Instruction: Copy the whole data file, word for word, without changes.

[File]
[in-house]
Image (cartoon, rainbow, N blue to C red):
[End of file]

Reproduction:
[in-house]
Image (cartoon, rainbow, N blue to C red):